The History of Hachimantai

The first place in Japan to build a geothermal power plant.
A geothermal town, making use of the blessings of volcanos: Hachimantai

 

The name Hachimantai goes back to the 9th century. Kanmu, the 50th Emperor of Japan, sent Sakanoue no Tamuramaro to rule the Tohoku region. Tamuramaro passed this area during his journey and was struck by the beauty of the scenery. According to legend, he then built a shrine to Hachimantai, the God of War, to pray for victory in battle, and gave this place the name Hachimantai.

Visitors have been captivated by its beauty since more than 1,000 years ago.

Mt. Hachimantai (1,614m) is a collection of several volcanoes that erupted about a million years ago and is known as one of the “Japan’s 100 Great Mountains.” Another of “Japan’s 100 Great Mountains” is located here, namely Mt. Iwate (2,038 meters). Mt. Iwate erupted in the 19th century, and you can visit the Yakehashiri Lava flow to see this area covered in magma rocks. Both the Hachimantai and Mt. Iwate are part of the Towada Hachimantai National Park. The history and landscape of this area is closely linked to its volcanic geothermal nature.

The effects of an eruption during the Edo period still remain on Mt. Iwate here at the Yakehashiri Lava Flow.

The city of Hachimantai was established in 2005 as a result of the merger of three municipalities, Nishine, Matsuo, and Ashiro. The discovery of sulfur here during the late 19th century became a major factor in the economic development of the region. The village of Matsuo, at the foot of Mt. Hachimantai, became home to the Matsuo Mine, which prospered as the largest sulfur mine in Asia. However, as the times changed, the demand for sulfur mines disappeared, and the local industry shifted to tourism and leisure.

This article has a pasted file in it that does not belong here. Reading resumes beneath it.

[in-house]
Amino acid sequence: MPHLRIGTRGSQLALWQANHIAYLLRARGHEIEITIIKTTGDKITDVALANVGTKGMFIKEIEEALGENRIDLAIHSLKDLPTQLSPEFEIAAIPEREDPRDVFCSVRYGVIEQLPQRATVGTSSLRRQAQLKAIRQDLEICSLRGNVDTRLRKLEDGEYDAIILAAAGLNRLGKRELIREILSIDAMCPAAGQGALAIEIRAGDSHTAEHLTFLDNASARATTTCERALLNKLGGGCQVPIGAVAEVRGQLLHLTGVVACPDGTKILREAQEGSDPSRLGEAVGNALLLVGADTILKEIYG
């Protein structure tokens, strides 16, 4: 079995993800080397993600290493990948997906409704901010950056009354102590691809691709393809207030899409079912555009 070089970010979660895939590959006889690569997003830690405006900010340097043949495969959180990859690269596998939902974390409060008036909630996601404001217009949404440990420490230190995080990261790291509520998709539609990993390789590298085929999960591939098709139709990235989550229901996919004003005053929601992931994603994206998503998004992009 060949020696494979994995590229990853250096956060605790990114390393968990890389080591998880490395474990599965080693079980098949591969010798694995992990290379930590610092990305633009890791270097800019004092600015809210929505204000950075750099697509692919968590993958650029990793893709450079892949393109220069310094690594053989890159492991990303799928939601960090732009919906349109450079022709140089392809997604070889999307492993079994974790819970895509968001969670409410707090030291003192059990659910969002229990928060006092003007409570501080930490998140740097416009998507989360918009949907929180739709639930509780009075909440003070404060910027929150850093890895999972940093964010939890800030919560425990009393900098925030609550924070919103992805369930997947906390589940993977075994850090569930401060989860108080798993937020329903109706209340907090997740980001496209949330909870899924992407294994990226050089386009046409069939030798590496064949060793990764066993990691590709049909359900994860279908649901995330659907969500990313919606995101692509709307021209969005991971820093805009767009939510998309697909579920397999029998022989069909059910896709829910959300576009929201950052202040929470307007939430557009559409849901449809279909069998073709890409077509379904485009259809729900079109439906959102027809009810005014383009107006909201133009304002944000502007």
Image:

Ruins of the Matsuo mine apartment complex. Now it is forbidden to enter.

Hachimantai has been well-known for its natural sulfur springs, including the Matsukawa and Toshichi hot springs. The village set out to develop their hot springs baths, but only geothermal steam erupted out of the wells they dug then. On October 8, 1966, the Matsukawa Geothermal Power Plant was opened, utilizing clean domestic renewable energy. The Matsukawa Geothermal Power Plant is known as Japan’s first commercial geothermal power plant and it continues to generate electricity today. The Matsuo Hachimantai Geothermal Power Plant was opened in 2019, and in 2024 there are plans to open the Appi Geothermal Power Plant as the region continues as a base for renewable energy.

October 8th, the day that the Matsukawa Geothermal Power Plant started operations, has been designated as Geothermal Power Day.

Hachimantai continues to produce safe energy by utilizing the blessings of volcanoes and geothermal power generation, which has less impact on the earth than other methods of power generation. In addition, smart agriculture, which combines geothermal energy and the Internet of Things, has begun and is attracting attention as a sustainable approach that is environmentally friendly.

At present, Hachimantai is one of the major tourist destinations in Tohoku known as a scenic mountain sightseeing resort with hot springs and one of Japan’s finest ski resorts during the winter. This history was born of the volcanic activity, and is still supported by the geothermal energy that is unique to volcanic regions.